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2000
Analyzing Banking Risk: A Framework for Assessing Corporate Governance and Financial Risk Management 
by Hennie Van Greuning and Sonja Brajovic Bratanovic; Getty Center for Education in the Arts; April 2000; ISBN 082134417X 
Major topics covered in this comprehensive volume include the changing bank environment, financial risk management and the responsibilities of key players, composition of the balance sheet, the importance of profitable banks, components of credit risk, the need for liquidity, market risk characteristics, origin and components of currency risk, and the bank supervisory process.
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Commercial Banking: The Management of Risk
by Donald R. Fraser, Benton E. Gup, James W. Kolari; Southwestern Pub. ; July 2000; ISBN 0324027184
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Financial Risk Management: A Practical Approach for Emerging Markets
by Jose A. Soler Ramos, Kim B. Staking, Alfonso Ayuso Calle, and pa Beato; March 2000; ISBN 1886938717
This comprehensive guide is designed to help businesses and financial institutions operating in emerging markets incorporate modern risk management techniques into their decisionmaking. It looks at market, credit, operational and legal risks and proposes solutions to risk management issues as they apply specifically to emerging markets. 
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Framework for Credit Risk Management
by Alastair Graham (Editor); July 2000; ISBN 1579581021
This series of financial management titles breaks new ground in simplicity, clarity, and ease of application on the complex subject of risk management--a crucial business tool. These are time-tested training tools, whether for classroom application or individual study. Each title in the series makes use of extensive case studies, adapted specifically for a sophisticated international audience.
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International Investment, Political Risk, and Growth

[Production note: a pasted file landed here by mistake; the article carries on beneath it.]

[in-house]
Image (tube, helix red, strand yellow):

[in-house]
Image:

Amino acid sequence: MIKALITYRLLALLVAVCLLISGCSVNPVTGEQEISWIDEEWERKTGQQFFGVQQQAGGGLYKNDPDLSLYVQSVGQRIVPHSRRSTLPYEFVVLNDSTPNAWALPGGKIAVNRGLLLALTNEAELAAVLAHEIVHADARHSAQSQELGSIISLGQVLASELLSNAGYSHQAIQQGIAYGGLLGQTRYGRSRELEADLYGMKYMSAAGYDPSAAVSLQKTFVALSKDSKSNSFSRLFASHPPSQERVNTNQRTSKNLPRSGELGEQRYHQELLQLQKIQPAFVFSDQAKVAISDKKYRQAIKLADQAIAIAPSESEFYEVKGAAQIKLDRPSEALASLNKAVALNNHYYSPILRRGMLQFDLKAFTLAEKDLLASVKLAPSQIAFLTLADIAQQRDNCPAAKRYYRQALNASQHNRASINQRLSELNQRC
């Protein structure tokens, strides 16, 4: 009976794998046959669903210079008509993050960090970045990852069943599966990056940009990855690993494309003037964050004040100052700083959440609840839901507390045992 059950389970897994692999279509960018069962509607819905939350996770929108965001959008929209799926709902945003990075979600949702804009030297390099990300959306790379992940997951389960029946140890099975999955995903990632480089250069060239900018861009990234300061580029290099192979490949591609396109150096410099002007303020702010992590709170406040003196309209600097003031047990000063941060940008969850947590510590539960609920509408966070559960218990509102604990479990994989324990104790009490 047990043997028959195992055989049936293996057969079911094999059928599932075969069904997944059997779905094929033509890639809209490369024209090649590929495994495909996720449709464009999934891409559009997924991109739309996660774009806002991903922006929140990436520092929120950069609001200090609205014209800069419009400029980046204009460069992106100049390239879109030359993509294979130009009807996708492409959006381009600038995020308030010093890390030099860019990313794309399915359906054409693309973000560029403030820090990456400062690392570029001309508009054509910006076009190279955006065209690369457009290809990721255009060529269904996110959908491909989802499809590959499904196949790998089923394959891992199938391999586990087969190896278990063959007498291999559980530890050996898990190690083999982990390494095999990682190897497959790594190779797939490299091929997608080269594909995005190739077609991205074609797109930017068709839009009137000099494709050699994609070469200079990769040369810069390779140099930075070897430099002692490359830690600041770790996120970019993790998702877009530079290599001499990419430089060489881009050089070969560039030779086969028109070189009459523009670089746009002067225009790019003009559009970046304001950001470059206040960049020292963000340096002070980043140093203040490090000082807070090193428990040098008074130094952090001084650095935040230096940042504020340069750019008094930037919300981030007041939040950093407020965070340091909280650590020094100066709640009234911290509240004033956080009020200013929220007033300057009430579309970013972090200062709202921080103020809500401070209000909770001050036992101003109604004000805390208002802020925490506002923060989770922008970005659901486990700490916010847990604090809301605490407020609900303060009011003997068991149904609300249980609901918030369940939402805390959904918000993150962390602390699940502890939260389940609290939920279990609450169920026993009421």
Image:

by Philipp Harms; May 2000; ISBN 0792378334 
Following substantial policy reforms in many countries, the past decade has been characterized by a remarkable increase of long-term private capital flows to the developing world. However, the bulk of these investments has concentrated on a few economies at the intermediate level of the international income distribution, while the large number of low-income countries has been mostly neglected by international investors. Starting from these observations, this book analyzes the potential growth effects of liberalizing investment regimes in developing economies and offers an explanation for the apparent bias of private capital flows towards middle-income countries. It demonstrates that the removal of investment barriers may liberate an economy from a vicious circle of poverty, unproductive saving, and low growth, and presents a novel approach to analyzing the role of political risk as a major impediment to greater private capital inflows. Offering a combination of theoretical models and empirical analysis, and discussing both the historical evidence and the recent literature, this book contributes to a better understanding of the determinants and consequences of international investment in developing countries. 
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Investing 101
by Kathy Kristof; September 2000; ISBN: 1-57660-044-0